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While there are numerous environmental advantages to no-tilling, it’s difficult to overlook the money-saving benefits.
“A significant component of no-till is just plain economics,” says Mark Liebig, an Agricultural Research Service soil scientist at the Northern Great Plains Research Laboratory in Mandan, N. D. “If you can minimize the number of passes over a piece of land with farm equipment, that’s going to save the farmer money in the long run. And certainly with fuel costs the way they are, that’s a significant concern.”
Aside from the economic concerns, there are many environmental benefits associated with no-tilling. “If you’re not disturbing the soil via tillage, you reduce your potential for soil erosion,” he says. “Another thing is that lack of soil disturbance decreases the loss of carbon to the atmosphere as carbon dioxide.” The bottom line is that no-till can have a significant impact on soil quality, crop yield and input costs.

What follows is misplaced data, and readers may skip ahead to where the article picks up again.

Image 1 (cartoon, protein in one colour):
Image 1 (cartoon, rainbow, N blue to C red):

“One really important thing, from the farmer’s standpoint, is the impact that changes in soil quality have on crop yield,” says Liebig. “There’s some evidence to indicate that as you maintain these practices over a long period of time, your crop yields will increase.
“It can be a relatively small amount, but we’ve seen evidence of this both in North Dakota and Argentina, which are both semi-arid environments where farmers have been practicing a continuous crop, no-till system for 15 or 20 years. They see increases in organic matter content and major improvements in quality…